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Please be patient, this post will be somewhat long...

I have a bunch of files, some of them with a simple and clean name (e.g. 1E01.txt) and some with a lot of extras:

Sample2_Name_E01_-co_032.txt
Sample2_Name_E02_-co_035.txt
...
Sample12_Name_E01_-co_061.txt

and so on. What is important here is the number after "Sample" and the letter+number after "Name" - the rest is disposable. If i get rid of the non-important parts, the filename reduces to the same pattern as the "clean" filenames (2E01.txt, 2E02.txt, ..., 12E01.txt). I've managed to rename the files with the following expression (came up with this one myself, don't know if is very elegant but works fine):

rename -v 's/Sample([0-9]+)_Name_([A-Z][0-9]+).*/$1$2\.txt/' *.txt

Now, the second part, is adding a leading zero for filenames with just one digit, such as 1E01.txt turns into 01E01.txt. I've managed to to this with (found and modified this on another StackExchange post):

rename -v 'unless (/^[0-9]{2}.*\.txt/) {s/^([0-9]{1}.*\.txt)$/0$1/;s/0*([0-9]{2}\..*)/$1/}' *.txt

So I finally got to my question: is there a way to merge both expressions in just one rename command? I know I could do a bash script to automate the process, but what I want is to find a one-pass renaming solution.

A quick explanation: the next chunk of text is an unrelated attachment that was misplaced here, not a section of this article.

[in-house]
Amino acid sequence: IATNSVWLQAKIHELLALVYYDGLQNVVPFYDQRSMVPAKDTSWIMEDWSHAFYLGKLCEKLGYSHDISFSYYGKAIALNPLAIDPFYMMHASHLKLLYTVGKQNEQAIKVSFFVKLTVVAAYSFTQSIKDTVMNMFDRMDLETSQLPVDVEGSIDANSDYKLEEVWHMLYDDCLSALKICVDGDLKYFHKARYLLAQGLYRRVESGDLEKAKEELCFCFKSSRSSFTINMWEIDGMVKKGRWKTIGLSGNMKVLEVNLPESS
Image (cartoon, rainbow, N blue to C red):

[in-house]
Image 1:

thanks

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I don't see why you would want a one-pass solution for two essentially different operations. If you want, you could put both commands on the same line. –  Tim Nov 6 '12 at 12:09
    
Just searching for elegance. And they are not different operations, both are renaming the same files. –  nep Nov 6 '12 at 12:12
    
@Tim N: Afterthought: you are right, as I have two types of names to begin with, I think I need both expressions. –  nep Nov 6 '12 at 12:15
    
possible duplicate of linux shell script to add leading zeros to file names –  Serge Stroobandt Mar 4 at 20:27

2 Answers 2

You can try this command to rename 1-file.txt to 0001-file.txt

# fill zeros
$ rename 's/\d+/sprintf("%04d",$&)/e' *.txt

You can change the command a little to meet your need.

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Well if that is your "parsing" regex, then you are limiting the files that the script can act on those matching that pattern. Thus, the sprintf using the same literal strings is not a more specialized case, and you could just do this:

s{Sample(\d+)_Name_(\p{IsUpper})(\d+)}
 {sprintf "Sample%02d_Name_%s%03d", $1, $2, $3}e
 ;

Here, you are using the same known features again and simply formatting the accompanying numbers.

  • The /e switch is for 'eval' and it evaluates the replacement as Perl for each match.
  • I renamed some of your expressions to more standard character class symbols: [A-Z] becomes the property class \p{IsUpper}, [0-9] becomes the digit code \d (also possible \p{IsDigit} ).
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